12:03

GlobalPost

We will keep track of your questions as they come and revisit them down the line

12:03

GlobalPost

Jason

12:03

Jason-Rezaian

Sounds good to me. I will try to get to everything I can.

12:03

Rafe_Wacman

Rafe_Wacman: Jason: Has economic hardship affected morale in armed forces, IRGC, or Basij.

12:03

GlobalPost

what is the current situation with Iran's subsidies?

12:04

GlobalPost

Are they contributing to the economic problems inside the country?

12:04

Jason-Rezaian

Well, the subsidy system currently cost the Iranian system $100billion per year, and they've needed to be reformed for a long time.

12:05

Jason-Rezaian

Right now there is a lot of speculation, but not a lot of consensus on what to with the system.

12:05

Jason-Rezaian

and clearly the fixes they have discusses -- like infusing people's bank accounts with nominal amounts of cash-- probably won't work

12:06

Jason-Rezaian

at the same time, though, keeping the price of gas at under .50 for gallon most of the past 30 years has been a recipe for disaster, which they are just woking up to, I think.#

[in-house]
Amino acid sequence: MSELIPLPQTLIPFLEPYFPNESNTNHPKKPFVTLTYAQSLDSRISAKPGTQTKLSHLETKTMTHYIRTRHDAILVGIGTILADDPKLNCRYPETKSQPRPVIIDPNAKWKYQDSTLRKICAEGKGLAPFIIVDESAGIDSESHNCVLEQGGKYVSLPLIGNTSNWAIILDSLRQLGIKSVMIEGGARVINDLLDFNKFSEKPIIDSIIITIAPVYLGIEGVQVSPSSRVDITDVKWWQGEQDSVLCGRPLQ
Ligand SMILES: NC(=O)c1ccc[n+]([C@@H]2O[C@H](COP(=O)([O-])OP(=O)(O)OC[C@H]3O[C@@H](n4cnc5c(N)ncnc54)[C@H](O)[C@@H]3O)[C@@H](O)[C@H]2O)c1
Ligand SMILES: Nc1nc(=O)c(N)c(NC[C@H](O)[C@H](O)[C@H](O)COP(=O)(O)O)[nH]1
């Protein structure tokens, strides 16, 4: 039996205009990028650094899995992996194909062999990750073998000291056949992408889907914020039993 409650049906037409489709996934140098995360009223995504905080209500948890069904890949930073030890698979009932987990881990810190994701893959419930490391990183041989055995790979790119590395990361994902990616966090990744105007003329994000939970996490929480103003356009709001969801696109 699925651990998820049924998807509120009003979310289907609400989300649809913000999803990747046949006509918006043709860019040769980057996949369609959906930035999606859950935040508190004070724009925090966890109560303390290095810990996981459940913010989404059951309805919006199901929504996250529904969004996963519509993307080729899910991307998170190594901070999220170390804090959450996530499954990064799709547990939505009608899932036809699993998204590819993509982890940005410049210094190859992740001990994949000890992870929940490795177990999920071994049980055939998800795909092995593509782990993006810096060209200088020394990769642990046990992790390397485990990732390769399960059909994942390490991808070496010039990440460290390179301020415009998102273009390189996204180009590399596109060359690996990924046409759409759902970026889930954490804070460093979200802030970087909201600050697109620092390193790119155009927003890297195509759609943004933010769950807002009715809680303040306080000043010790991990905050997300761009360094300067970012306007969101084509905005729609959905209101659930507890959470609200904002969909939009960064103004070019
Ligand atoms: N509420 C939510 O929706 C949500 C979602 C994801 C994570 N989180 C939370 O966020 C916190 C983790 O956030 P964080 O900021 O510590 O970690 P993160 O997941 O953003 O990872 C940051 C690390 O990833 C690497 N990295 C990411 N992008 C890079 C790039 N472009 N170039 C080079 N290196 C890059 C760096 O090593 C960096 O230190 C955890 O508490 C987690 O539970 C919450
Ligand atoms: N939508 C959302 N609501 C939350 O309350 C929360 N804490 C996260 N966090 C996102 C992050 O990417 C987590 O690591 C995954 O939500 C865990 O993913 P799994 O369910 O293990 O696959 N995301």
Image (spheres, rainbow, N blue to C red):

12:06

GP-ChatHost

Just a quick note to the audience: This is now a moderated chat, meaning that you will not be able to submit questions/comments directly

12:07

GP-ChatHost

Instead, if you would like to ask Jason a question, simply message me GP-ChatHostby pasting the following into the message box: "/msg GP-ChatHostFOLLOWED BY YOUR MESSAGE" without the quotations

12:07

GlobalPost

If the subsidies are cut, what do you think the public reaction will be? How will this play out on the streets?

12:07

Jason-Rezaian

Well, I think there plan is to cut them over a period of time and test the waters a bit. The public reaction will be what you'd imagine...

12:08

Jason-Rezaian

Any time you take stuff away from people that they think is they're right they are going get upset.

12:08

Jason-Rezaian

and the regime has made the mistake of touting these subsidies for years.

12:08

Jason-Rezaian

Once cheap gas is gone, for example, they really don't have much of a story to sell anymore.#

12:08

GlobalPost

You’ve also written about growing environmental problem in Tehran. What kind of effect is this having on the people there? Is this adding to the tension?

12:09

Jason-Rezaian

It's adding to tension, and it's also landing people in hospitals.

12:10

Jason-Rezaian